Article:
Police patrols in danger of being 'eroded' by budget cuts, despite drop in crime

Overall crime in England and Wales down 9 per cent on last year but reported rapes are up 2 per cent

The police service faces fundamental changes to the way it operates after a report out today revealed that five forces will struggle with further budget cuts after the anticipated loss of nearly 32,000 jobs across England and Wales by 2015.

A report by the police inspectorate said that forces had generally coped well with 20 per cent cuts over five years but warned that local patrolling was in danger of being “eroded” and could have an impact on crime prevention programmes. The report also raised concerns that the response times to 999 calls were rising in some areas.

The study was released after the Office for National Statistics reported a nine per cent fall in recorded crime for the last year, despite a rise in rape offences and a 27 per cent increase in fraud. The Government said the figures were vindication of radical reforms that had seen budget cuts and the introduction of elected police and crime commissioners.

However five of the 43 police forces in England and Wales will struggle to find further cuts after March 2015, according to the report by HM Inspectorate of Constabulary. They include two of the smallest forces, Lincolnshire and Bedfordshire, which have fewer options to trim budgets and raises the prospect of police mergers in a radical change to the policing landscape. West and South Yorkshire and Northamptonshire also faces future problems.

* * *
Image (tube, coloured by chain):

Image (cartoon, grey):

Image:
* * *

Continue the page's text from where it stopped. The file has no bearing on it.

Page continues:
The Government has opposed such changes and the election of 41 police and crime commissioners  appeared to steer the debate away from senior police demands for fewer forces. But in a speech earlier this month, the policing minister Damian Green said he had “nothing against them (mergers) in principle where they are supported by PCCs and the local community.”

The HMIC report said that the failure of forces to collaborate represented a major lost opportunity in cutting costs, but chief inspector Tom Winsor warned that mergers involved a “serious degree of disruption and expense”.

He highlighted some forces where there had been “mergers by osmosis” such as Kent and Essex which has a joint serious crime command. “Working smarter – doing things in different ways – will be necessary,” he said. “That will include greater measures of collaboration between forces and with the private sector and other parts of the public sector.”

However, the HMIC report raised concerns that in some areas, police and community support officers – who do not have the powers of arrest – have taken over the role of local patrolling. There was also evidence that volunteer specials were plugging gaps following the expected loss of 15,400 police officers by 2015.